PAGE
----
Has the bubble burst?
July saw the launch of the Council’s chewing gum busting campaign. Accompanied by extensive marketing the campaign sought to educate about the nuisance of littering the streets with used gum.
Initiatives raised awareness about the difficulties of removing gum and informed the public about the Fixed Penalty Notices (FPNs) they could face if caught dropping it onto the street.
Specially designed gum wrappers were also available in 12 retail outlets on Kensington High Street. However, despite the month long advertising campaign the amount of gum litter at pilot areas on the High Street had increased by 300 pieces. This article invites readers to give their suggestions about how this sticky situation might be tackled.
The July campaign achieved a high-profile start, kicking off with local school children hand-scraping gum from Kensington High Street. Part of a national campaign, which has itself attracted widespread coverage, the Council’s initiative prompted interviews with local radio stations and was reported in the Evening Standard.
However, the increase in gum on the High Street, despite the July advertising, questions whether there are other ways of addressing the problem. The increase in tourists using the High Street in the summer months may explain the reduced impact, but RBKC Direct would like to know what you think.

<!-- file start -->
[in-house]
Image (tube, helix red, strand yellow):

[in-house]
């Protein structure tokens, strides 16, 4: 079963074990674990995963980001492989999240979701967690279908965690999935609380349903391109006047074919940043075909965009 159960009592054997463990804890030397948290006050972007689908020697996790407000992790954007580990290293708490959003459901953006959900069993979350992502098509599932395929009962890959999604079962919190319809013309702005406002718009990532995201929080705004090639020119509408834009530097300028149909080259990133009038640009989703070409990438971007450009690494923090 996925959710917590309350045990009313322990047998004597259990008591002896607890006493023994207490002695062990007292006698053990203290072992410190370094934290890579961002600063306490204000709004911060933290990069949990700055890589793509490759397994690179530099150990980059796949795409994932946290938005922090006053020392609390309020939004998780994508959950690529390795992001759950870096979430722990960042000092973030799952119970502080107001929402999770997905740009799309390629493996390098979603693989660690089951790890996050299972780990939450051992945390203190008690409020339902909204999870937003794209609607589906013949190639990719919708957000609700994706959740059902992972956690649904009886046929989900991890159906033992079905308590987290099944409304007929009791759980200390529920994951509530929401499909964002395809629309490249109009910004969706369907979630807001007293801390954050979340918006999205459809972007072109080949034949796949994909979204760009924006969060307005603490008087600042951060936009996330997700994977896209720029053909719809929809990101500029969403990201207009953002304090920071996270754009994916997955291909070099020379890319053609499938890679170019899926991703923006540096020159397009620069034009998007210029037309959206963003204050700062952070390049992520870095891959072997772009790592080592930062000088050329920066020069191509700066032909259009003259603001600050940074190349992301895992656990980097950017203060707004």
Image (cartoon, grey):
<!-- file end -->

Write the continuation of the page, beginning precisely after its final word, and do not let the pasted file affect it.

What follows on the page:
The gum busting education has been supported by the right to issue FPNs, to those who ignore the message and continue to create gum litter. Under new powers, the Council can issue FPNs of £75 to people caught dropping gum. None were issued during the campaign, but the Council’s Police Community Support Officers did speak to a number of people. Is strict enforcement the only way of ensuring people pay attention to the Council’s messages? Does the issue need to be tackled at a different level?
It is true that education and enforcement are two important levers that we can use. However, new technology may also help combat the problem. A company called Revolymer® has been developing a prototype for a gum base with a significantly reduced adhesiveness compared to unmodified bases.
Should there be greater pressure nationally to develop technologies that ease gum litter clean-up? Should we be lobbying manufacturers to develop biodegradable gum or is the only solution a tax on gum to fund the clean-up?
The Council welcomes your comments and suggestions on how the problem of gum litter might be brought to a sticky end. Email your comments on this story to firstname.lastname@example.org.
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